Wednesday, April 24, 2013

Reverse total shoulder glenoid fixation

Initial glenoid fixation using two different reverse shoulder designs with an equivalent center of rotation in a low-density and high-density bone substitute

Four of the authors of this paper are employed by Exactech Inc. and a fifth receives royalties from the company that makes the reverse total shoulder design associated with better results in this study.

This study sets out to evaluate initial reverse shoulder glenoid baseplate fixation in 2 reverse shoulder designs having an equivalent center of rotation in low-density and high-density bone substitute materials. There were many differences between the baseplates of the two systems tested (glenoid plate profile, contour of back of baseplate, number of screws, shape of peg, etc).

 The Zimmer design (circularporous reverse shoulder) was associated with approximately twice the micromotion per equivalent test than the Exactech design (oblong-grit-blasted reverse shoulder). Additionally, 6 of the 7 circular-porous reverse shoulders failed catastrophically in the low-density bone model. None of the oblong-gritblasted designs failed in the low-or high-density bone models and none of the circular-porous designs failed in the high-density bone models after 10,000 cycles of loading.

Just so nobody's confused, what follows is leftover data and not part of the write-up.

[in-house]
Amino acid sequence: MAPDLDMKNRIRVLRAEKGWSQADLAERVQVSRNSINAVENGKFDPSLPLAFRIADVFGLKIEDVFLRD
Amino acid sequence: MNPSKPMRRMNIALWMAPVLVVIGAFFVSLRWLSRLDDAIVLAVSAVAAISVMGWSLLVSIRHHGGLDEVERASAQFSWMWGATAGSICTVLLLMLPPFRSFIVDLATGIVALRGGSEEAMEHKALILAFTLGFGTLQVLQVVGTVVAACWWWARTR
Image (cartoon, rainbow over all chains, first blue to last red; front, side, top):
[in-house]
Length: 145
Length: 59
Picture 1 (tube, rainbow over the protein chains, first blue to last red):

Comment: Perhaps the most important finding in this study is that bone quality is a factor in fixation of the glenoid component in reverse total shoulder leading us to the conclusion that reaming of the precious glenoid bone stock needs to be minimized to preserve as much of the quality bone as possible.  A second observation is that both of the designs tested here depend on bone ingrowth for a substantial part of the fixation - however, bone ingrowth could not be tested in this model system; instead, the study focused on initial glenoid fixation as indicated by 'micromotion' and 'catastrophic failure'.

We have no fiscal interest in an implant system. The system we prefer (shown here) does not depend on ingrowth (which under the best of circumstances takes some time), but rather provides excellent initial fixation from compression of the base plate against the prepared glenoid bone - especially if the glenoid subchondral plate is preserved.


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